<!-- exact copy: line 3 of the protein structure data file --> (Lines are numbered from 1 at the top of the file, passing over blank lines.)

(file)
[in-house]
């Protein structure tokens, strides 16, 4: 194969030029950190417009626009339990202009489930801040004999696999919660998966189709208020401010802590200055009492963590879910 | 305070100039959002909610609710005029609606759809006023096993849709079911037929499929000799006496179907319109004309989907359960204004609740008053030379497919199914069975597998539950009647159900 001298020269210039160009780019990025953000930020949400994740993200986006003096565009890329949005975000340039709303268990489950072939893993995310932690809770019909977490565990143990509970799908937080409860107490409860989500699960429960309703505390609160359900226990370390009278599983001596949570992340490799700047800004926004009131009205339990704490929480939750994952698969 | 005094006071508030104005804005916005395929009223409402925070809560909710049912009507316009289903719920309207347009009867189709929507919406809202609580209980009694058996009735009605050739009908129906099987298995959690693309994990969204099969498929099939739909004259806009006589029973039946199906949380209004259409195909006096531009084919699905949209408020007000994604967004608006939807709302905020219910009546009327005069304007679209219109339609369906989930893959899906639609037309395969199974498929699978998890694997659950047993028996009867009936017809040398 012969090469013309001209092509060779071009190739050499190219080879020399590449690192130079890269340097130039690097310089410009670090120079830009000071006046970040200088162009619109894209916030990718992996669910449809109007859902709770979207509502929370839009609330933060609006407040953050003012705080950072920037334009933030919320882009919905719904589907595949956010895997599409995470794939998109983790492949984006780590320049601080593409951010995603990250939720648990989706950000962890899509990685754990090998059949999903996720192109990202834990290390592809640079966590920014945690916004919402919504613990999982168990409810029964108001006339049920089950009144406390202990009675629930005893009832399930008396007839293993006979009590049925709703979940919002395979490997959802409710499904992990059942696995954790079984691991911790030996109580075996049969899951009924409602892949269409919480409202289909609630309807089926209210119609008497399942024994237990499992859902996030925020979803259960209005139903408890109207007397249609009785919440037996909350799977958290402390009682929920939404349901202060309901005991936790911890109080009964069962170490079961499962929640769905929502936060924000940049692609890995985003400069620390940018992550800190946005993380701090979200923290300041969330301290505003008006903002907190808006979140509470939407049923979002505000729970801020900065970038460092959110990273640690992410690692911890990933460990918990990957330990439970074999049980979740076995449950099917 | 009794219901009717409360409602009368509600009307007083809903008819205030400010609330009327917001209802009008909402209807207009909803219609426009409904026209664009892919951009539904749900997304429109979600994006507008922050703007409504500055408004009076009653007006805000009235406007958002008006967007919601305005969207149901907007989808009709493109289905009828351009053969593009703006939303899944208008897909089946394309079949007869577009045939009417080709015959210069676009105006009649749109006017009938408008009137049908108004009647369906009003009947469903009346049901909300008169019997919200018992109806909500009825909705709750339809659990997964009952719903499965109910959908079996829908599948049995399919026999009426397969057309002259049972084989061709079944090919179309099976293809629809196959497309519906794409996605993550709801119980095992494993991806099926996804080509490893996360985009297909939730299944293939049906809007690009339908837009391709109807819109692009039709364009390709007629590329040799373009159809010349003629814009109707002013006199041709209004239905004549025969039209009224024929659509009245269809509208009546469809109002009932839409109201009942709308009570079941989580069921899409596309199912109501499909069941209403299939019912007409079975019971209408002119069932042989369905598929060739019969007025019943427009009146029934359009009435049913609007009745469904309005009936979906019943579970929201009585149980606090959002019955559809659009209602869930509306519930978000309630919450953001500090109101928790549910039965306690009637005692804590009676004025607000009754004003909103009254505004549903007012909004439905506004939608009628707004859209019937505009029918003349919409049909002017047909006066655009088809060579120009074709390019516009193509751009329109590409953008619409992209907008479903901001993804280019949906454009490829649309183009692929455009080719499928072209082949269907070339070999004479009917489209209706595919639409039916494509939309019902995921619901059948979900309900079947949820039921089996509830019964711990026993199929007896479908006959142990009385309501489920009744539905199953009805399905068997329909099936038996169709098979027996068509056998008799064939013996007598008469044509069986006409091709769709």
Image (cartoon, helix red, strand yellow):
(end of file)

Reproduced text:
Image (cartoon, helix red, strand yellow):